The basic premise is the ability to create a moving average (or in fact any moving summarize method). For background on what a moving average is and why it is useful check out the excellent Wikipedia article on the subject http://en.wikipedia.org/wiki/Moving_average.

In simple terms a moving average creates for each row in a data-set the average of the last x number of rows. The easiest way to do this without my new macro is to use a multi-row formula and write a formula to calculate the average. Which works fine until you want a moving average of the last 30 rows for example, where upon writing the formula becomes a little tedious.

If you want to jump straight to the macro you can download it here. If you are interested in how it works read on.

The basic premise of my macro is to use a summarize tool to calculate the moving summaries. Obvious huh?

So if we imagine a simple dataset with 9 records and we want to do a moving average of the previous 3 rows, we attach a RecordId and use a formula to group the records into groups of 3:

Ceil([RecordID]/3)

Then we can use a summarize tool grouping on the "Grouping formula" field and we have calculated our moving averages!

Wasn't that easy? Well... OK... Those of you who were paying attention might be saying to yourself "wait a minute we've only calculated three of the answers!" and you would be right. To be precise we have calculated the answer for rows 3, 6, and 9. So how are we going to calculate the others?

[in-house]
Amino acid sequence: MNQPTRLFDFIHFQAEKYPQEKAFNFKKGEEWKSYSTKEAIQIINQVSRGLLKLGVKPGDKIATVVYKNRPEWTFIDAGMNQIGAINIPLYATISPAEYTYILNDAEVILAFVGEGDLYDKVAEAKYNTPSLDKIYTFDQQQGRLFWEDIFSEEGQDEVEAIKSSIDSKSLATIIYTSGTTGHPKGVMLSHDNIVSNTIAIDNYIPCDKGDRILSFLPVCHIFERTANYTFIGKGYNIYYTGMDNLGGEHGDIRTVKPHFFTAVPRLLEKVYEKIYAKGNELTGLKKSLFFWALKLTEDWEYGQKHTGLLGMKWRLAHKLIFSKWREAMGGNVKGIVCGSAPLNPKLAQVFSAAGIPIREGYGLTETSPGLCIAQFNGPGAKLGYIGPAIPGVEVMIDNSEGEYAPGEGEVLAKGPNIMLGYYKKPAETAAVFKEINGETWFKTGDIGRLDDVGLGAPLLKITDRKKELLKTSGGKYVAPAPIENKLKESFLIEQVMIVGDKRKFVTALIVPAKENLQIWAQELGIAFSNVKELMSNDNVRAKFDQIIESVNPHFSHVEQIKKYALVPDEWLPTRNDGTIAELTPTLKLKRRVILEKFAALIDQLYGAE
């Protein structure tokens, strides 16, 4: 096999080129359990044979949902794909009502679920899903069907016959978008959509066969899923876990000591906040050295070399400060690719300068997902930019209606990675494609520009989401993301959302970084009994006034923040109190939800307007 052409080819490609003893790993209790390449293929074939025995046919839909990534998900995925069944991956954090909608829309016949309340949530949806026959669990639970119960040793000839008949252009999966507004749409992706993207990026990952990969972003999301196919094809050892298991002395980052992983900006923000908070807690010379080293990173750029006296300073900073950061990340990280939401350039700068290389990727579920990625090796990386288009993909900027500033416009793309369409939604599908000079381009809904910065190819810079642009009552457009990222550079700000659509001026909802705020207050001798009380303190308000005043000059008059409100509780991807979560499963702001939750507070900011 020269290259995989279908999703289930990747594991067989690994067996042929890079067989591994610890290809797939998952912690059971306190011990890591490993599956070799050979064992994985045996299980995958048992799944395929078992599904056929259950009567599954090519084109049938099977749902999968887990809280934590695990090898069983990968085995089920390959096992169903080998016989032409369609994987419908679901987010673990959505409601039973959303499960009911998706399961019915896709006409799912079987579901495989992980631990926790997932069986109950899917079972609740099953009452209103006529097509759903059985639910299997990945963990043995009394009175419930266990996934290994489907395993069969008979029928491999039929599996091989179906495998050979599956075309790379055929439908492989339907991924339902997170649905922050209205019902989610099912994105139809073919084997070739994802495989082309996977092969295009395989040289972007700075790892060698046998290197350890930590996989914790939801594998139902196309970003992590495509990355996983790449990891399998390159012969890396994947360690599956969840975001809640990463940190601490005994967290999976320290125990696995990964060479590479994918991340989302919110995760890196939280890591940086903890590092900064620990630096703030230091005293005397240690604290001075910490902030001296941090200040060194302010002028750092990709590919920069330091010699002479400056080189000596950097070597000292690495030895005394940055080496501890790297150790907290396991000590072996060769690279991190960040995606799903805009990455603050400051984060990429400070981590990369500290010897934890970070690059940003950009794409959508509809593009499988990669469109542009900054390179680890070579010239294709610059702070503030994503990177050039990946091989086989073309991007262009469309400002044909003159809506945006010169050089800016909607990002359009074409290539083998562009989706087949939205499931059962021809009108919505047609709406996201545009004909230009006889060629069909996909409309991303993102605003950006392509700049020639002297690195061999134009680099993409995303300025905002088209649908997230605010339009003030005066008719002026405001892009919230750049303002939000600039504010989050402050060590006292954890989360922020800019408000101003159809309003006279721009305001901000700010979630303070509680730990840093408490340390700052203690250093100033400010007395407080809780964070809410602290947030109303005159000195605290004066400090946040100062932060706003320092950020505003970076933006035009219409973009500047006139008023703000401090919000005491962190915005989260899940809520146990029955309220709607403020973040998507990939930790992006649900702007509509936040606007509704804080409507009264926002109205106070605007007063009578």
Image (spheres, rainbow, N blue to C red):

Well this is when the macro gets interesting. We are going to use a batch macro to do that same process again and again until we have calculated all of our answers. But of course we can't just run the exact same process or we'd just keep calculating the exact same results! So each time we go round we "throw away" the first n records where n is the iteration number we are on - 1.

So second time round the loop. Iteration 2 we throw away the first record and repeat:

Now we have calculated the answer for rows 4 and 7. We also calculated a number that we didn't need (the 29.66667) but we will discard that at the end.

Then one last time round the loop. Iteration 3 so discard the first 2 records an repeat:

Gives us the answer for rows 5 and 8 and we have all the answers we need. Rows 1 and 2 don't have an answer as there are not three previous rows to summarize.

Then all we need to do is get all of the answers back together which we can do using this formula to map our new "Grouping formula" field back to our original RecordIds:

[Grouping formula]*3+[Engine.IterationNumber]

The great thing about this solution is it works as well for moving summarizes of 50 records as it does for 3 and also will work for any summarize method. Moving Concatenate? Moving Create Centroid?

The final solution is then slightly more complex as I decided to give the user the ability to choose how many rows forwards and backwards they want to include in their moving summarize. But that is just a case of working out how big a moving summarize we need to calculate and then appropriately offsetting the solution.

This macro will be included in the 2014 Q4 release of the CReW macro pack which should be out early next year or download it here now.